Andrea and Kairos ChilcoteI had to smile as I entered my room in the second hotel – I did recall that sweet memory of a fun trip and the joy of my new pup. And I slept comfortably, without waking even once.

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While my minor travel inconveniences are unimportant in the larger scheme of things, how many subtle signals are we dismissing about the things that really matter? How many chain reactions are we igniting with our thoughts, thoughts that seem inconsequential but are far from that as they impact each next step we take?

The energy field in which we operate is objective. It does not judge the gravity of consequences. It just operates in a reliable manner. It supports our intentions – positive or negative – but we have to listen.

My friend Debbie says the inner voice gets louder and more persistent the more we allow it and give it power. I’m grateful for this subtle voice, and respectful of the awesome power of the energy my intentional thoughts create.

Mirror Mirror (2014)

Andrea ChilcoteEven though I’ve written of this “mirror” concept many times, Brene Brown helped me finally “get” it.

by Andrea Chilcote

What if many of the things we hear, see and experience, outside of ourselves, are just reflections of our own inner state? In each of our lives there exist other people and situations acting as mirrors for the aspects of ourselves that we either dislike or admire. If you believe, as I do, that all living things are part of a mass consciousness, separate in personality and possessing free will but connected energetically ‒ spiritually in fact, then this “mirror” principle makes sense. And, as is the case with many of my life lessons, a dog is teaching me just how closely connected we all are.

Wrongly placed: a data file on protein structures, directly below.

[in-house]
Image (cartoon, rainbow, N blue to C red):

WhisperThis past year, I have learned that I have a four-legged mirror living in our home, sharing my life. Her name is Whisper. She’s a Malamute ‒ my husband’s Malamute to be precise, and she’s been our companion for eight years. I can hear her comment now, if only she could read a blog: “Yes, it’s taken Andrea eight years to get the message. Pitiful humans!”

The truth is, I’ve always been aware that Whisper reflects my feelings and fears. Whisper shows her sweet and loving demeanor to every human she meets. Other dogs? Not so much. So when we hike in the desert and inevitably run into other dogs, she often takes an aggressive stance, testing my physical strength (a Malamute is a strong creature) and frustrating me as a supposed leader. It would be easy to write her off as impossibly dog-aggressive or rationalize her behavior as protective of me or her handler, but there’s more at play here. Whisper mirrors my feelings. If I can remain present, calm and objective, there is usually no trouble. If I feel the fear of a potential fight, or, as is more likely the case, judgment of people who can’t or won’t control their own dogs, Whisper acts out my emotions. Knowing this, the solution seems simple ‒ yet managing feelings is far from easy. Dog Whisperer, Cesar Milan, advocates calling up a calm-assertive state of being, using an inside-out approach of managing one’s thoughts and feelings before taking outward action. I challenge you to try it now.

Imagine some person or group for whom you feel judgment ‒ from mild superiority to true disdain or contempt ‒ the degree does not matter. We all have these feelings at times. Okay, now that you’ve got it, try to release it. Stop feeling judgment, quickly. Tough, yes? For me, it can be very difficult and at the same time, a very worthwhile pursuit. If I can manage my thoughts and feelings, then I can manage my actions ‒ and this, in my opinion, is the key to the universe.

Go back to the judgmental state you just identified. What is this person or situation reflecting that is true for you? Do you feel a fear that was previously unrecognized? Is there some aspect of the other person’s behavior that triggers a memory of your own shortcomings, a mistake you made, a lesson you learned? Identify it, feel it, and ‒ here’s the magic ‒ it will be transformed.

Once a previously unconscious emotion is brought to the surface, your logical mind can make sense of it, and you can act appropriately. Take the feeling of fear, for example. If the fear represents a real threat, you can act on that. If the fear is based on history or a habit of thought, you can let it go. The truth will indeed set us free.

There’s a bonus to this process, given that we are all connected. When we transform our inner state, others respond in new ways. It makes for a more peaceful hike, as well as a better world.

Good Vibrations